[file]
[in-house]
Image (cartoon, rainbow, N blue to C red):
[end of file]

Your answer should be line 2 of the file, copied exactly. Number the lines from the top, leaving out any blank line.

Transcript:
Image (cartoon, rainbow, N blue to C red):